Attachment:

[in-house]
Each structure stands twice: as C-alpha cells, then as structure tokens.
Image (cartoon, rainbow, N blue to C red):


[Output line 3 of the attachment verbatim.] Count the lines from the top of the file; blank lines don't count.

Image (cartoon, rainbow, N blue to C red):